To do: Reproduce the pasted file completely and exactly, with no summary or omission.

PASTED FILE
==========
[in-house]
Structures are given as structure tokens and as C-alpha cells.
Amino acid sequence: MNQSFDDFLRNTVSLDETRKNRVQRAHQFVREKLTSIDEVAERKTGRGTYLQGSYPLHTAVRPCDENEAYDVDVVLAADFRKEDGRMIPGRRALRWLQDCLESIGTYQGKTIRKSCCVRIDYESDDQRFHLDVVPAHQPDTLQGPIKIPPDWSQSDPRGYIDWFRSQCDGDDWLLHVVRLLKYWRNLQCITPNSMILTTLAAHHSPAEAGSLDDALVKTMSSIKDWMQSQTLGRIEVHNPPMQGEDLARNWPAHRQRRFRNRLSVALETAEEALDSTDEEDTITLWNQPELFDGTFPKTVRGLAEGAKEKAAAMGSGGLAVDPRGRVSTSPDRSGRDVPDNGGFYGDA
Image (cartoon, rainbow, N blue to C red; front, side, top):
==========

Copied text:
[in-house]
Structures are given as structure tokens and as C-alpha cells.
Amino acid sequence: MNQSFDDFLRNTVSLDETRKNRVQRAHQFVREKLTSIDEVAERKTGRGTYLQGSYPLHTAVRPCDENEAYDVDVVLAADFRKEDGRMIPGRRALRWLQDCLESIGTYQGKTIRKSCCVRIDYESDDQRFHLDVVPAHQPDTLQGPIKIPPDWSQSDPRGYIDWFRSQCDGDDWLLHVVRLLKYWRNLQCITPNSMILTTLAAHHSPAEAGSLDDALVKTMSSIKDWMQSQTLGRIEVHNPPMQGEDLARNWPAHRQRRFRNRLSVALETAEEALDSTDEEDTITLWNQPELFDGTFPKTVRGLAEGAKEKAAAMGSGGLAVDPRGRVSTSPDRSGRDVPDNGGFYGDA
Image (cartoon, rainbow, N blue to C red; front, side, top):